In the course of investigating the effect of a random potential on pulses with the cubic nonlinear Schrödinger equation, I
became intrigued by what one should define as the effective width of a pulse or soliton, particularly in cases that are near-integrable.
In an attempt to answer that question, I did some numerical simulations with periodic potentials and came across an interesting
range of behavior depending on how the length scales of potential and pulse compare. Some of the results are explainable by
simple perturbation methods, and some remain more mysterious. I show the results obtained and conclude with some observations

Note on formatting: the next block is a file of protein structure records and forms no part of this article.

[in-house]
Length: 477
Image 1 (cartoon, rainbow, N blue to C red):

about the effective width. I first give a brief description of the numerical method. Next, I present a leading order perturbation
analysis for a slowly varying potential. Then, I show how well this theory bears out in numerical simulations with a slowly
varying potential. The results get more interesting when the assumption that the potential is slowly varying breaks down.
Beyond this, some simulations with a rapidly varying potential show some mildly surprising behavior. Finally, I try to bridge
the entire range of length scales with some conclusions and questions.